I don't claim to be a travel expert. While I have visited quite a few countries over the years, most of the trips have been with organized groups in which I had very little control over the planning portion of the trip. Other than a mission trip to England last fall (which requires a very different planning skill set), this trip to Italy was my first time planning an overseas trip by myself. I absolutely love planning, and I love travel, so it made for a fun combination. Also, Jeremy is pretty go-with-the-flow, so most of the planning was happily done by me. I dove into learning about the tips and tricks for Italy travel, and I also loved learning about the culture and history of every place we went before we got there. We also took our budget pretty seriously, and I feel like we were able to do things economically without sacrificing an amazing time. So, while there are many people with more experience in the field of travel planning, I thought I would share a few of the tips that we picked up before hand that made our trip smooth and amazing, and a few things we learned along the way.
1. Rick Steves
For European travel lovers, Rick Steves is no secret. He is the American travel guru for all things Europe, and we felt like we were in a club because everywhere we went, we saw Rick Steves' travel books in the hands of tourists. We even bonded with other tourists over our Rick Steves recommendations. But, if you're planning a trip to Europe, get a Rick Steves book. He has them for every country in Europe. His Italy travel book is the best selling travel book in the US, and I understand why. This book was invaluable, and he has done 30 years of research in finding the best places to stay and eat, and the best way to travel with the least amount of stress . We almost always chose Rick Steves recommended restaurants, and not one disappointed. We found hole in the wall sandwich places, incredible wood-fired pizza joints, and high class restaurants that we would have NEVER stumbled across on our own and that weren't flooded with clueless tourists ordering pepperoni pizza and spaghetti with meatballs. Because of his tips, we figured out how to skip lines, how to get around on public transit, and were able to sift through the best things to do in each city. I've used other travel books for other trips, but I will never buy another brand again. He also has a TV show on PBS, and I watched episodes on YouTube of the places we were going. I consulted Rick Steves on everything from packing to pricing, and I know it helped our trip run more smoothly.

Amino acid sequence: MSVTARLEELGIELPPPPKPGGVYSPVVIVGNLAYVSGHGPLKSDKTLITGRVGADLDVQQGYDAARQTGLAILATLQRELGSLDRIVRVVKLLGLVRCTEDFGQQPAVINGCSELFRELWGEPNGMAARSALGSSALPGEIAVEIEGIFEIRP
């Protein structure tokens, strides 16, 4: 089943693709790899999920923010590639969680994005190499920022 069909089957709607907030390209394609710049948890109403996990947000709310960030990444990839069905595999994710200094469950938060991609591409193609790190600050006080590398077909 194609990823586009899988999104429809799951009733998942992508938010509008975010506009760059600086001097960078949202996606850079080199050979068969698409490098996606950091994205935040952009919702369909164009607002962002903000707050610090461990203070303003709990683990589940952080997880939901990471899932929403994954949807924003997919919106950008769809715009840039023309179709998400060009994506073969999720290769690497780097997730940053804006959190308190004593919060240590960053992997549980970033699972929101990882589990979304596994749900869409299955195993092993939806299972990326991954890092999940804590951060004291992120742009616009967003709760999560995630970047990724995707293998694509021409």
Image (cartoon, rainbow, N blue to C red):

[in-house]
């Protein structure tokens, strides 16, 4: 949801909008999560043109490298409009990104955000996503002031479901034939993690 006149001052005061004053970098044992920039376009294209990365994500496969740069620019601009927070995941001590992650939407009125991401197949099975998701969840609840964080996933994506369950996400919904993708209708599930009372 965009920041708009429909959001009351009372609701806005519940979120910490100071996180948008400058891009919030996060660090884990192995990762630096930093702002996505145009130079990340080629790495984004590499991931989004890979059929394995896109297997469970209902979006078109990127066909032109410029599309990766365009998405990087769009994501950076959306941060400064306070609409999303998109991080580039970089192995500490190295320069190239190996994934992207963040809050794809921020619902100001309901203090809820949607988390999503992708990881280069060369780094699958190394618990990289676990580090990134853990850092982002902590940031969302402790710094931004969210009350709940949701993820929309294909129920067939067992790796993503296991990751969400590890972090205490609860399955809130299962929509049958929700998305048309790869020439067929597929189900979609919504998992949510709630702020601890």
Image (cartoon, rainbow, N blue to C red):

2. Get Off the Beaten Path
"80% of Venice is not touristy, and 80% of tourists will never know it." - Rick Steves.
This is true everywhere we went. Tourists stick together in crowded masses with the street vendors, average food, and long lines. If you're a smart tourist, you will get away from all of that. There are times we couldn't avoid the masses, and those were my least favorite times. We absolutely loved exploring the paths less traveled on our own. There is so much more to Rome than just the Colosseum and Vatican City, and although those places are worth braving the crowds, we found such respite in the quietness of places like the Appian Way, quiet cafes, and evening strolls down moonlit streets.
3. Get out early, stay out late, and take a nap in between.